Olivier Bohuon

We have done better in terms of the savings, okay? But we have spend what we had to spend this quarter. Actually, if you look at the end of the year, we have to spend money in many things. Then, as Adrian said, we will be on track to deliver what we're supposed to deliver in terms of cost savings and we are going to invest. That's why when we're talking about the modest improvement, we remain committed to this modest improvement versus last year. Again, the range of modest can vary. So it's -- whether it's high modest or low modest, it's still modest.

Operator

We'll now go to our next question, which is going to be asked by Mr. Ed Ridley-Day of Merrill Lynch.

Edward Ridley-Day - BofA Merrill Lynch, Research Division

To start with the increase in your payout ratio, obviously very welcome, and sort of 2 questions related to this. Firstly, what would be the criteria, if there are any, for another raise in the payout ratio? So sort of whether there would be a time table for that? Or whether how related to another increase in the payout ratio is sort of the acquisition time table that you are looking at? And the second question is related to M&A. I know obviously you said that it hasn't an effect what you do. But does this perhaps mean that we should be thinking more about small- and mid-sized deals, and that you are not now looking at, shall we say, very large strategic deals, for example, in the wound space?

Olivier Bohuon

Thank you, Ed, for your question. Actually, let me start by the second one. No, it doesn't change anything. So again, if we have the right opportunity, it's a big opportunity, we'll take the big opportunity. Small one, we'll take the small one. It doesn't change at all our focus. It doesn't change at all our strategy. So there is -- it's absolutely not significant here. Regarding the payout ratio, I mean, the criteria for another raise, I mean, again, the board is looking at that very seriously as you can imagine, and we have a very strong balance sheet. If we do not do acquisitions, we'll certainly have to look at that again in the first half of 2013. But at this stage, we have done this interim increase. We are committed to acquire good opportunities making financial sense and strategic sense for the company and for the shareholders. So that's where we are.

Edward Ridley-Day - BofA Merrill Lynch, Research Division

Yes, and just a sort of quick sort of follow-up. I mean, would you -- to what extent are you prepared to gear the balance sheet to address your acquisition potential?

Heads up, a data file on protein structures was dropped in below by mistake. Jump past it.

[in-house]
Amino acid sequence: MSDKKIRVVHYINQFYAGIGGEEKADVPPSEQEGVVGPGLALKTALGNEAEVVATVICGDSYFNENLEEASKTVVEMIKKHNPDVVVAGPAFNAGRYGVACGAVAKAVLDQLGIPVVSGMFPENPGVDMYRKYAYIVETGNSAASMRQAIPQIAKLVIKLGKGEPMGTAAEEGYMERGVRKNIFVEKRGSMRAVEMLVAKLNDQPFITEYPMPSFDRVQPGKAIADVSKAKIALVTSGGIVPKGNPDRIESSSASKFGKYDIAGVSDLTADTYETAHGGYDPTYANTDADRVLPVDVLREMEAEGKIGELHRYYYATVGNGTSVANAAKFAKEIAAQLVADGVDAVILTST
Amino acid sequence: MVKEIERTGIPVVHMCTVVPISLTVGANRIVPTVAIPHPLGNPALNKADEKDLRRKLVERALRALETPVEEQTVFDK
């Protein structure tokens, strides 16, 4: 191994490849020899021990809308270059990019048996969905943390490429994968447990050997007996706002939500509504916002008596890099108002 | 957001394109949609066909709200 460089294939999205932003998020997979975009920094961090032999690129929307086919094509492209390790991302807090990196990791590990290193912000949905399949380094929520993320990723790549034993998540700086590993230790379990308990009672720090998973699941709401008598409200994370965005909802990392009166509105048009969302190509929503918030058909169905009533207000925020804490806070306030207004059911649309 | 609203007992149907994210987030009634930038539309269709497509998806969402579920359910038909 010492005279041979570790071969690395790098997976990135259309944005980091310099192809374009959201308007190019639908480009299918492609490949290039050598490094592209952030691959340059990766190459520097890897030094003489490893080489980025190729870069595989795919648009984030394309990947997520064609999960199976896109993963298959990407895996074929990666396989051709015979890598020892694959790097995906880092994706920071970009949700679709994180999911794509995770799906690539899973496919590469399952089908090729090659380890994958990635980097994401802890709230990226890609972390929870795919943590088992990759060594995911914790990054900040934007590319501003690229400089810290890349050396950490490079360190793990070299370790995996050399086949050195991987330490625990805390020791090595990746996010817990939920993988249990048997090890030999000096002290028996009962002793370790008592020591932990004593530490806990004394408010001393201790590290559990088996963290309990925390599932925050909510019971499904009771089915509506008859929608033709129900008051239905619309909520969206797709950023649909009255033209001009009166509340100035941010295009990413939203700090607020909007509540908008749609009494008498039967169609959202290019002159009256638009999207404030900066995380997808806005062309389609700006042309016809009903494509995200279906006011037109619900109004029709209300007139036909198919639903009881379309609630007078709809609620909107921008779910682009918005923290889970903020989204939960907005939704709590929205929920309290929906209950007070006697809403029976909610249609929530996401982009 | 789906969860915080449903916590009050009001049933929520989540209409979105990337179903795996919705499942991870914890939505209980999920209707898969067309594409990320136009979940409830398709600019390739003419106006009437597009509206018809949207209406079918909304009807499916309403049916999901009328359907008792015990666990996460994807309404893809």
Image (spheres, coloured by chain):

Adrian Hennah

Ed, I would think – most important thing, there's no change in the approach that we have been articulating now for several quarters reflected by this dividend change. And this dividend change is now because we have an interim dividend to announce, and so why not do it now, was essentially the board's logic. So there is no change. And as part of what we said previously, we said it is our board's absolute intention that whenever we do on acquisitions, we will retain a solid investment-grade rating. We don't have a rating at the moment, but if we were have to have one or if we didn't have one, the equivalent of a solid investment-grade rating. So that is parameter in which the board is very clear that we will work and obviously puts a parameter around it. But basically, had no change. There is no change. This dividend -- our dividend in the year is $150-odd million last year, so a 50% increase is a $75 million. It doesn't affect the shape of our ability to pursue the acquisitions that we have been working or possibilities that we're working.

Edward Ridley-Day - BofA Merrill Lynch, Research Division

No, I understand that. No, I was just really perhaps, visiting on your, should I say, willingness to borrow for the right acquisition.

Adrian Hennah

Yes, we will borrow for the right acquisition. It will be within the context of a unquestionable solid investment-grade rating. And we will flesh that out as part of the total statement on our view of the balance sheet that we've said we'd do for the first half of next year. But I think you should be able to get enough of a feel for it from what we've been saying over last few quarters.

Edward Ridley-Day - BofA Merrill Lynch, Research Division

Okay. Understood. And secondly, in terms of the hips business, just in terms of getting back to market growth but sort of retaking share in that business. And I'm talking of sort of away from BHR here. Is there anything you can point to in terms of your confidence on new products you're developing or actions that you're taking, that a potential timeline to sort of retaking share in the core hip business?